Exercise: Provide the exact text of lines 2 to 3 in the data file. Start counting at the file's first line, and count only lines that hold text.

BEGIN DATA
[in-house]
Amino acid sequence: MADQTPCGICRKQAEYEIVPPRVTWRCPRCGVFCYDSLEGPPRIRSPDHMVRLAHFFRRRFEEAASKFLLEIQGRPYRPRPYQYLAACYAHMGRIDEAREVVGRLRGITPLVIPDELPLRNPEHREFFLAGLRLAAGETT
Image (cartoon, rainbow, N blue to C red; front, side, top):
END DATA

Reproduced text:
Amino acid sequence: MADQTPCGICRKQAEYEIVPPRVTWRCPRCGVFCYDSLEGPPRIRSPDHMVRLAHFFRRRFEEAASKFLLEIQGRPYRPRPYQYLAACYAHMGRIDEAREVVGRLRGITPLVIPDELPLRNPEHREFFLAGLRLAAGETT
Image (cartoon, rainbow, N blue to C red; front, side, top):